Four Painters Giving the Art World a Fresh Coat
Painters today face the challenge of offering their unique voices by means of a traditional medium. Four artists are invigorating painting with works that utilise tradition toward innovation, pushing canvases and audiences into exciting new territory.
Toronto-based artist Thrush Holmes is best known for his audacious style, often incorporating neon lights over rudimental multimedia still lifes. At 38 years old, he has landed 10 international solo exhibitions in the past 5 years, recently showing at Allouche Gallery in Chelsea, New York and at BEERS London. After closing his large public studio Thrush Holmes Empire in 2011, Holmes now works privately on his always sizeable, illuminated canvases. The attitude of sweeping lines exaggerated by the blaze of neon produces an alluring dissonance that has become the artist’s signature. Combining saturated palettes in oil, spray paint, collage, and more along with a Naïve experimental approach make for unabashedly textural experiences reflecting, as Holmes describes, his “affection for mistakes and failure.”
32-year-old Caroline Larsen, another Toronto-born painter now based in Brooklyn, brings impasto to new levels of visual intrigue. Her mid-size canvases are a nod to the traditionally feminine arts of weaving and flower still lifes, but her fresh technique is entirely her own. Larsen meticulously dispenses oil paint through icing tubes with different nibs, creating the illusion of thickly woven tapestries. The kitschy effect that results adds homemade charm to domestic and floral representations while it affords a witty pixelated convolution to scenes of burning cars. Regardless of subject, these thick ribbons of paint in bright hues create such lush tactility as to captivate viewers in Larsen’s inventive process. Larsen’s paintings have recently been displayed at The Hole, New York and Gordon Gallery, Tel Aviv, bringing vibrant originality to a growing international audience.
Jannis Varelas fashions large-scale canvases into colourful abstract works that burst with movement. The Greek artist paintings have been shown at James Fuentes Gallery, New York, The Breeder gallery, Athens and Frieze New York and are inspired by the expressive drawings of young people with ADHD. Varelas seeks to channel a similar automatic raw creativity in his studios in Athens, Los Angeles, and Vienna. He frequently merges patches of primary-coloured oil paint with imagery and scratchings reminiscent of the kind of illustrations made by children. As more and more artists move through art school, Varelas explains, exploring one’s art through the process of playful unsophistication is more important than ever. Varelas reinvigorates the in-your-face ignorant impact of artists that precede him, painting with a simultaneously frenzied and innocent energy. His canvases are rich with imagination bound to inspire painters to come.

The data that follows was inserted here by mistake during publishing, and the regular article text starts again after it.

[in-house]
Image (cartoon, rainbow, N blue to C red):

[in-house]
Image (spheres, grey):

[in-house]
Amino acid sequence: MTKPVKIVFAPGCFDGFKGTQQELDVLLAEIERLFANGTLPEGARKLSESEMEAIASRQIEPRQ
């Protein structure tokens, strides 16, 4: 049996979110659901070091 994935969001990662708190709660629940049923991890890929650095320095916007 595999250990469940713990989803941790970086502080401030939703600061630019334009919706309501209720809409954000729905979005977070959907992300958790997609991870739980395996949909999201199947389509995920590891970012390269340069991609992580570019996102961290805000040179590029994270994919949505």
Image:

Jonathan Chapline is from Waco, Texas and works currently in Brooklyn, New York. Being the youngest artist of the four—30 years old—his works are arguably the most stylistically cutting-edge. Though he employs traditional oil painting technique, he uses those analogue skills to depict still life and domestic settings of various sizes as though they were digitally rendered. To do this, Chapline starts with a bright background that imparts his paintings with a cool glow similar to that of a cell phone. He then fashions blocky forms to resemble early computer graphics by giving them sharp edges overstated with stark shadows. Taking the kind of imagery that might strike most as mundane, perhaps even crude, he is able to transform it into scenes saturated as much with colour as with sultry mood. Chapline’s tromp l’oeil have been on view at The Hole, New York, Victori + Mo, Brooklyn, and BEERS London. With impeccable composition and colour, the artist’s moonlit quasi-realism holds fascination for viewers coming from either side of the digital age.
Words by Michelle Costanza.